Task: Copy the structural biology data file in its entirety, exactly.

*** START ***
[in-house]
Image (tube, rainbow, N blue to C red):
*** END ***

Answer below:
[in-house]
Image (tube, rainbow, N blue to C red):